But the combined share of the top-six firms exceeded 80 per cent of the total shipment in Q2, which is a record high for the global smartphone business.
Samsung maintained the top rank and increased shipments by 6 per cent year-over-year to 75.1 million units.
The impact of the US ban on Huawei was not strongly visible in Q2. However, it's expected to impact Q3 results. Huawei's market share in Q2 rose to 18 per cent, up 2 percentage points from one year earlier.
"The Huawei ban wasn't in effect for the entire quarter, having been announced on May 15. The company shipped 58.7 million smartphones in Q2, down less than 1 per cent from 59.1 million units in Q1 and up 8 per cent over Q2 of 2018," Jusy Hong, Research and Analysis Director (Smartphone) at IHS Markit, said in a statement.
"In terms of smartphones, Huawei been able to weather the storm. Following a strong Q1 performance, Huawei was one of the few smartphone makers to buck the negative trend in the market in Q2," Hong said.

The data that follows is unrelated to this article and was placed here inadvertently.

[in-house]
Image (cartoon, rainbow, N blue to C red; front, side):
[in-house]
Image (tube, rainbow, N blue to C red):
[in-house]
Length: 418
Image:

Apple, meanwhile, continues to face challenges in terms of shipments, a trend that's unlikely to be fixed soon. The company shipped 35.3 million iPhones in Q2, down 14.6 per cent from 41.3 million units a year ago.
Chinese handset maker OPPO had a successful quarter, with shipments rising 13 per cent to 36.2 million units, up from 31.9 million units in Q2 of 2016. The company has been a key partner to carriers in Europe during the rollout of 5G networks.
Even without significant market share in many European markets, OPPO is demonstrating its value to European carriers and is setting itself up for more growth this year.
Xiaomi wasn't able to shake off the pressure from OPPO and Vivo. In Q2, Xiaomi shipped 31.9 million units, showing almost flat growth over 32.1 million units a year ago.
( With inputs from IANS )